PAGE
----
This irritating phenomenon has many names in the scientific literature: imagined music, involuntary musical imagery, involuntary semantic memories, intrusive songs, or slightly disconcertingly, ‘earworms’.
Hearing a song played on a loop inside your own brain is very common; the majority of people have experienced it, and for many, it is at least a weekly occurrence. Playing music, listening to songs and singing can make it happen more often, and although people most often mention it when it becomes an irritation, it is not always unpleasant. Earworms fall into the same category as spontaneous recollections of memories and mind wandering and seem to be intrusive thoughts that are beyond our conscious control. Trying to get to the bottom of the science behind them is challenging, because researchers have to rely on the subjective reports of study participants, often through diaries and surveys that track the occurrence of earworms, and the effectiveness of different strategies to try and make them go away.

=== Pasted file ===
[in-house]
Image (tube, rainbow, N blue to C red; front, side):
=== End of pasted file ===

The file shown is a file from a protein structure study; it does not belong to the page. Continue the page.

One of the most popular ways to deal with an earworm seems to be just to leave it alone; enjoy the song, if you can, and allow the thought to pass. If that fails, distraction is another popular coping strategy, or some people even resort to engaging with the tune, listening to it in real life to get out of the loop inside their head. However, there is a major problem to be overcome; the more you focus on whether your attempts to get rid of the song have been successful, the more your brain is likely to go back to looping the song again. This is an idea famously explored by psychologist Daniel Wegner in his paper, Ironic Processes of Mental Control. He points out that by monitoring whether or not you have managed to successfully get rid of a thought, you might just trigger it to start up again.
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